The Moment of Truth — March 9, 2002

Nixons of a Feather Connive Together

Hi, I’m mejeffdorchen and welcome to the Moment of Truth, the painted bird of political critique.

Hey, before I get to the meat of the essay, such as it is, I just wanted to flaunt the fact that I have the inside scoop on a new video that will soon be advertised on late-night TV: “American Enterprise Institute’s Best of Naked Locker Room Towel Fights: Conservative Pundits Get Wild and Wet!” Word is that George Will gives Rush Limbaugh a real noisy spanking. On an entertainment system with top-notch subwoofers, it’s supposed to be like somebody playing conga-style on tympani. Also out soon: “The Cato Institute’s Best of Child Sweatshop Snuff Porn.”

That’s all the entertainment news. You won’t find it at Drudge.

I don’t understand something. Richard Nixon resigned the presidency in disgrace, right? He was a vindictive, conniving paranoid who, while maintaining plausible deniability, would stop at delegating nothing to stay in power. The Constitution nearly collapsed under the weight of his Machiavellian fortress of lies. He emerged from his shame briefly in the 90s and was accorded elder statesman status for awhile, but in the end left us with an image of himself as a lonely, bitter, delusional embarrassment. One would think his biography a cautionary tale.

So why are all the top players in the GOP emulating him? From Newt in the 90s to Cheney and Bush today, with Harris and Starr and Barr and Bush and Bush and Bush in between, what is with these people? Why do they want to go down in history as a swarm of Nixons? With the Silverado and the $59 million perjury trap intimidation of witnesses lying before Congress character assassination hypocrisy obstruction of voting rights of black citizens judicially undermining Congressional power in disputed presidential election stonewalling insider oil industry deals — and this as-yet-unsolved death of a major witness in the Enron case — these people, have they at long last no shame? Are they unstoppable? Will none of them go to jail, or at least be assaulted by a pie-wielding irate citizen? And where is God during all this? Doesn’t she like us anymore? Or has she become a cultural relativist? Are felonies perpetrated against the Constitution just some late-capitalist cultural artifact to her, unable to be judged because of the otherness of its context? I guess it would be too “elitist” for her to slaughter these sinners in their tracks with boils and aneurisms and falling anvils and meteoritic cranial punctures.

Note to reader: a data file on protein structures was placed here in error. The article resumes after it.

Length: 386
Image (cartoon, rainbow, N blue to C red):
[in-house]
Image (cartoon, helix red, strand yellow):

I suppose she’d just as soon appear in the guise of a whirlwind and say, “Can you draw out Leviathan with a rope in his nose?” Very well then, let’s get on with history. I mean, the corrupt Catholic Church got severely dented in the Reformation, slavery in the US was semantically ended, the corrupt system of Soviet totalitarianism “ran its course.” Abby Hoffman predicted that the government would eventually be “lost in the shuffle.” And it just about has. And that leaves us with whom? Who is left standing out from the shuffle to watch the watchmen who are actually the foxes in the henhouse? Who will blast those foxes in their asses with buckshot and rock salt?

Cuz the government has definitely been sold to the Fortune 1000. No doubt about THAT anymore. They’re the ones doing the shuffling, the dealing, and, thanks to their marked cards and stacked deck, raking it all in. The oil industry is in charge of the henhouse right now. And if there is anyone anywhere near the gears of power who isn’t himself lubricated by the oiligarchy, I sure as hell can’t see him. Or her. I just see a bunch of Nixons. Maybe there’s someone, but that someone is afraid of being found dead in his or her car one morning for messin’ with Texas, another “suicide” on behalf of the Nixons.

Maybe this is our evolutionary destiny: In subterranean sweatshops will live the Moorlocks, a race of poorly paid shoemakers descended from Chinese prisoners, and above ground will cavort an idle race of overfed Nike-wearing Nixons, strutting about with their arms raised flashing V for victory, wagging their jowls in the courtship ritual of spring.

I would like to point out to Alanis Morrisette that the above scenario would be (among other things) ironic. A dead fly in your chardonnay is just bad luck.